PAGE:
The general consensus following gallops at the Durbanville track yesterday morning to test the refurbished track was that the changes have had a hugely positive effect.
Following a subsequent discussion between the various stake holders including Phumelela, Kenilworth Racing, trainers’ representatives, stipes and track management it was nevertheless decided to postpone the first meeting at the revamped track by a fortnight to 23 September.
This is largely a precautionary measure to give the turf a little more time to knit, but seven consecutive meetings will then be held at the “Country Course” from the new agreed date. Speaking to track manager Caven Swift, work began on the changes on 14 November last year, and things have taken a little longer than scheduled due to various setbacks.
This has also been a very cold winter, which has affected the growth of the grass, as it remains dormant below a certain temperature.
In brief the track has been relaid, the undulations flattened out, and the camber on the top bend made a lot less acute. This should lead to fairer racing at this course, which was often something of a frontrunners paradise.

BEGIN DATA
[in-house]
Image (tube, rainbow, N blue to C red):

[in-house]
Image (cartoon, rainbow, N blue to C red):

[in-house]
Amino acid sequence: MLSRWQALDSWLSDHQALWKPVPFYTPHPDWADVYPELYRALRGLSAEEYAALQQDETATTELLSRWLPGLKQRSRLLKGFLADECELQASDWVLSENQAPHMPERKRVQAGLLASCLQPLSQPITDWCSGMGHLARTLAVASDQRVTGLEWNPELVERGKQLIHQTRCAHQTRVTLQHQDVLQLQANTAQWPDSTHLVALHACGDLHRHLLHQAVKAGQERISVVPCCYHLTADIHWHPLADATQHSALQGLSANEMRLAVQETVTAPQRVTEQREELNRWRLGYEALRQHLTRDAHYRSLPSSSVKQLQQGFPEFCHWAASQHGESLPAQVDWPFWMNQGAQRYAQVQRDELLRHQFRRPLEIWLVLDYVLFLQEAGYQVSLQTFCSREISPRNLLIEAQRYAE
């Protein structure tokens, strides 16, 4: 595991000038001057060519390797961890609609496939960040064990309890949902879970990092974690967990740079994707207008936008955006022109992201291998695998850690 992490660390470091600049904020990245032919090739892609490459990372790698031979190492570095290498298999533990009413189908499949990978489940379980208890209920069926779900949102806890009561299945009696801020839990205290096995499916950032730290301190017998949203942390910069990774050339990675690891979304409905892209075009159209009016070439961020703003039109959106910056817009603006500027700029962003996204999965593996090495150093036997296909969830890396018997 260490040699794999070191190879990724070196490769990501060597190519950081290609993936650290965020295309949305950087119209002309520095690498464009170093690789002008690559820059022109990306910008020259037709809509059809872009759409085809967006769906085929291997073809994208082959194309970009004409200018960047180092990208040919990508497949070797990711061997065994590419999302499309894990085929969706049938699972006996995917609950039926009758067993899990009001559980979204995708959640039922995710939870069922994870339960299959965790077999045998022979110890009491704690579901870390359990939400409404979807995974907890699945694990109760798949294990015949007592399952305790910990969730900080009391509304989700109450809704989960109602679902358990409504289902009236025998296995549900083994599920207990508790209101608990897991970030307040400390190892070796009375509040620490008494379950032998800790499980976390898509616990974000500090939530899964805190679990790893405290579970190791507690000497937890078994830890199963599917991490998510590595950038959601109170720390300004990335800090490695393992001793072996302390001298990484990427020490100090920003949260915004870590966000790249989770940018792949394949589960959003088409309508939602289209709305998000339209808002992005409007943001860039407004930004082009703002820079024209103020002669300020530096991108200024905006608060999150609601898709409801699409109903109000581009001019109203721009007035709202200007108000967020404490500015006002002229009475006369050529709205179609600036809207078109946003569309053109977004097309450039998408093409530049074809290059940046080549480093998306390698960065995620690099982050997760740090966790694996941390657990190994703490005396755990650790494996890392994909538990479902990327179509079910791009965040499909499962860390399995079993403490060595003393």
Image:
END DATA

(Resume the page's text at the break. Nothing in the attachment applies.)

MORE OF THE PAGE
Another very noticeable change is to the pull up area. Formerly runners were forced to veer left soon after the finish, which led to a few hair-raising incidents over the years.
The movement is far gentler now, which is a step forward in terms of safety.
The jockeys who rode the gallops were very impressed. Bernard Fayd’herbe said the track was “beautiful. The camber going into the first turn is different class and this will now be one of the better tracks to ride on”.
Aldo Domeyer’s verdict was “smooth with no divots. At the moment its better than Kenilworth”, while Richard Fourie contributed that “it was like a carpet, and the draw bias should be a thing of the past”.
Racecourse Manager Dean Diedericks said he was “rather impressed – the track looks great” while Phumelela Racing Executive Clyde Basel was in agreement – “I’m very proud of what has been achieved” was his verdict.
Of course we all be a lot wiser once a couple of Durbanville meetings are behind us, but the overall feeling certainly suggests a rosy future for this sometimes unfairly maligned track.
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